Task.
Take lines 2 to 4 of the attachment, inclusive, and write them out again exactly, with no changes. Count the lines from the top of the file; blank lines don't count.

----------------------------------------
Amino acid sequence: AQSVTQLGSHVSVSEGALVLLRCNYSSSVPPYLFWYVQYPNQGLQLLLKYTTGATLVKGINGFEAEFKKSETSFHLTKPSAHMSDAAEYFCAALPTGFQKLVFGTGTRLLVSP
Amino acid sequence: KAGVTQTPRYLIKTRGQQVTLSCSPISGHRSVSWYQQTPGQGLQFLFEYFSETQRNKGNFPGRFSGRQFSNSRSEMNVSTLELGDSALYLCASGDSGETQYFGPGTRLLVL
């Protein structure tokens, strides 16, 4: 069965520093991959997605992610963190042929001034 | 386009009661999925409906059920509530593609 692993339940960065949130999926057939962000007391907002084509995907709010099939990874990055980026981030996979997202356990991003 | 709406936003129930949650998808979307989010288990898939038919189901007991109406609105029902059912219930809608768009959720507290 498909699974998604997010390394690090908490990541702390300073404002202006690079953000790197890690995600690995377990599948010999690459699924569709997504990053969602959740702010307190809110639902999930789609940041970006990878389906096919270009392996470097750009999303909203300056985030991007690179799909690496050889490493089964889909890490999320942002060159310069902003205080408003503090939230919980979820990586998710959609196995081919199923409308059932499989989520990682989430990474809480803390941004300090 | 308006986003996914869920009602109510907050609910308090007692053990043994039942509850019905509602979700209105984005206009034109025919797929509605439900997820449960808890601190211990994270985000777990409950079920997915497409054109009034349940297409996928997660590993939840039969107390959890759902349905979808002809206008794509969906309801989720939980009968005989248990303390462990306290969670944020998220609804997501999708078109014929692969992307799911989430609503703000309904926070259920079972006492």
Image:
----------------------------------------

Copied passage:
Amino acid sequence: KAGVTQTPRYLIKTRGQQVTLSCSPISGHRSVSWYQQTPGQGLQFLFEYFSETQRNKGNFPGRFSGRQFSNSRSEMNVSTLELGDSALYLCASGDSGETQYFGPGTRLLVL
């Protein structure tokens, strides 16, 4: 069965520093991959997605992610963190042929001034 | 386009009661999925409906059920509530593609 692993339940960065949130999926057939962000007391907002084509995907709010099939990874990055980026981030996979997202356990991003 | 709406936003129930949650998808979307989010288990898939038919189901007991109406609105029902059912219930809608768009959720507290 498909699974998604997010390394690090908490990541702390300073404002202006690079953000790197890690995600690995377990599948010999690459699924569709997504990053969602959740702010307190809110639902999930789609940041970006990878389906096919270009392996470097750009999303909203300056985030991007690179799909690496050889490493089964889909890490999320942002060159310069902003205080408003503090939230919980979820990586998710959609196995081919199923409308059932499989989520990682989430990474809480803390941004300090 | 308006986003996914869920009602109510907050609910308090007692053990043994039942509850019905509602979700209105984005206009034109025919797929509605439900997820449960808890601190211990994270985000777990409950079920997915497409054109009034349940297409996928997660590993939840039969107390959890759902349905979808002809206008794509969906309801989720939980009968005989248990303390462990306290969670944020998220609804997501999708078109014929692969992307799911989430609503703000309904926070259920079972006492």
Image: